- Ware Afbeelding vande Bedyckte Beemster-Landen inden iare M.DC.XLIII, Daniel van Breen, 1644.
- The Chronicle of Gaia, Carlijn Kingma, 2019.
- Arbeider aan het werk in tulpenveld, Overveen, Anton Koster, undated.
- Untitled XIX, Andreas Gursky, 2015.
- Synthesis-micro (6×), Hanneke Francken, 2021-2022.
- Algemene kaart van Suriname, Alexander de Lavaux, 1737-1757.
- Grid Corrections #245, #352, #441, Gerco de Ruijter, 2018.
- Molens aan een vaart, Jan Hendrik Weissenbruch, circa 1875-1900.
- Blood Related, Basse Stittgen, 2017-ongoing.
- Landschap met koeien, Willem Maris, undated.
- Footprint, Hendrik Coetzee, 2021.
- Les Mées, Andreas Gursky, 2016.
- Nose Patro, Christiaan Zwanikken, 2015-2016.
- Postnaturalia, Krištof Kintera, 2016.
Works from the second exhibition, called Extractivism, I found noteworthy are:
- Terra Nullus - Ownership and Pioneering on Ice, Esther Kolemeijer, 2013-ongoing.
- Terminal Beach, Troika, 202.
- Phosphor Tailing #6, Near Lakeland, Florida, USA, Edward Burtynsky, 2012.
- Coal Mine #1, North Rhine, Westphalia, Edward Burtynsky, 2015.
- Salt Pan #21, Little Rann of Kutch, Gukarat, India, Edward Burtynsky, 2016.
- Turmoil, Leon de Bruijne, 2021.
- The Subterranean Imprint Archive, Lo-Def Film Factory, 2021.
From the normal collection, I saw:
- Falaises près de Pourville, 1882, Claud Monet.
- Jonge vrouw in roze blouse, Jan Sluiters, undated.
- Zittend naakt (Eva), Jan Sluiters, undated.
- Thank you for hurting me, I really needed that..., Melanie Bonajo, 2005.
Finally, I saw third exhibition, which is part of the photo manifistation, consiting of:
In the garden, Strings of Soul was playing.weather data for weather station 290: Twente starting from 1951 till yesterday. I was a bit surprised that it mentioned higher maximum temperatures than the ones I find on weather graphs on a Dutch rain radar website. This might be because these graphs are based on a less frequent sampling, thus missing some of the fluctuations. Starting from September, it mentions the temperatures: 25.6°C, 29.7°C, 30.5°C, 30.2°C, 30.0°C, and 28.8°C (for yesterday). That means we had already had a regional heat wave on Friday according to the definition used by the Royal Netherlands Meteorological Institute. Today, the temperature at Twenthe Airport reached (at least) 29.2° Celsius, which breaks the record of 28.7° Celsius in 1959.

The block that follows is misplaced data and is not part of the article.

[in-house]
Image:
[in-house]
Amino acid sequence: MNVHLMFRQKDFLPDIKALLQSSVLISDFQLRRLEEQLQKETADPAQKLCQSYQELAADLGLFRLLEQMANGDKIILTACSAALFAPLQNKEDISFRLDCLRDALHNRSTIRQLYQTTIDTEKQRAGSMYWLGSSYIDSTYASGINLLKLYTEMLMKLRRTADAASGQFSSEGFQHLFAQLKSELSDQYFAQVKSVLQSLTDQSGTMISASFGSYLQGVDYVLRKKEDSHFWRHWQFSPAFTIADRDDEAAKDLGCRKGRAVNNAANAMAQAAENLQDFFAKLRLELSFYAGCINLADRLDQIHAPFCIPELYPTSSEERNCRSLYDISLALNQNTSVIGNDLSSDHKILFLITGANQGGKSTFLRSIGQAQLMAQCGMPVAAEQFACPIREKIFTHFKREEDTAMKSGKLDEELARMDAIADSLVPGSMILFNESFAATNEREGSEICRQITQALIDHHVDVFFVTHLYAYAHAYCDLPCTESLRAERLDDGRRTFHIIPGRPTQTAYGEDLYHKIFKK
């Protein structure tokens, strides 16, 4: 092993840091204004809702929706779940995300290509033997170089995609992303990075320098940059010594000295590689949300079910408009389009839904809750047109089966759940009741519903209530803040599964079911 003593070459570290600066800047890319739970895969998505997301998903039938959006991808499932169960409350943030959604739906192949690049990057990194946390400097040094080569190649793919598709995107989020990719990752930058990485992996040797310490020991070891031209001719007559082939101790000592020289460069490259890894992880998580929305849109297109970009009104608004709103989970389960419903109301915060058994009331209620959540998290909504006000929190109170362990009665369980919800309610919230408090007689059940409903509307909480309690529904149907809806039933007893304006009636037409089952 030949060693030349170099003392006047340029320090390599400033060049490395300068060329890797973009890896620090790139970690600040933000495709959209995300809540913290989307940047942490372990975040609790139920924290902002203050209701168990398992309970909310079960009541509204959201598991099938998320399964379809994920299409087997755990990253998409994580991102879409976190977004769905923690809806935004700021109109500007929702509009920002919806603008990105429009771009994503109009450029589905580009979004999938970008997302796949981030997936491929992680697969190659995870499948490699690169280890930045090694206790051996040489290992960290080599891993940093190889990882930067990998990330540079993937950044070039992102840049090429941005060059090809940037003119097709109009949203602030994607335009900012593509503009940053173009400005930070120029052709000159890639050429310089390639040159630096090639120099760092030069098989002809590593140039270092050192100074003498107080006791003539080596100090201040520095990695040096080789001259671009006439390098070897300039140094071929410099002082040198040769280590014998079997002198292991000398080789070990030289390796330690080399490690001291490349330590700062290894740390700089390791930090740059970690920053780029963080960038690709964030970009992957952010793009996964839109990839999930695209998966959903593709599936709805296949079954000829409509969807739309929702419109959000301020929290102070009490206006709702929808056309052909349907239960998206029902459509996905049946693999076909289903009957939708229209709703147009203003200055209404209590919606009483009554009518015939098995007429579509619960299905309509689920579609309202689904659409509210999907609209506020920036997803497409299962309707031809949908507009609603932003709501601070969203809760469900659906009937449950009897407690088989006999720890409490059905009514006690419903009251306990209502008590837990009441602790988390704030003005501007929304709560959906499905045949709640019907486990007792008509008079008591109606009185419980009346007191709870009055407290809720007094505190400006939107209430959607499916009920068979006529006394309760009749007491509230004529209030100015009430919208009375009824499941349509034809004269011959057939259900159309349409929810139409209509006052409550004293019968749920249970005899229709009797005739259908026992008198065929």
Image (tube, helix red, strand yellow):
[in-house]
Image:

I wrote a program to process the file and list the records. Below the list starting from 2020. If a higher (or lower) temperature was achieved than I mentioned, than I have added the mentioned temperature. There are also some that I did not mention. Of course, this might be because I missed them, but it is also possible that it is not real a record, because a the temperature was already reached in a year before 1951.
- January 31, 2020: Record maximum temperature of 12.3°C beating record of 1990
- February 16, 2020: Record maximum temperature of 17.5°C (not 17.4°C) beating record of 2019
- March 30, 2020: Record maximum temperature of -5.9°C (not -5.6°C) beating record of 1996
- April 6, 2020: Record maximum temperature of 23.3°C beating record of 1961
- April 8, 2020: Record maximum temperature of 24.4°C beating record of 2018
- May 12, 2020: Record minimum temperature of -1.6°C beating record of 2019
- May 15, 2020: Record minimum temperature of -1.8°C beating record of 1973
- August 9, 2020: Record maximum temperature of 32.5°C beating record of 1992
- August 10, 2020: Record maximum temperature of 33.2°C (not 32.9°C) beating record of 1975